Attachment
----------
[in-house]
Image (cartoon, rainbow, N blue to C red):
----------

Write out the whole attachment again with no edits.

[in-house]
Image (cartoon, rainbow, N blue to C red):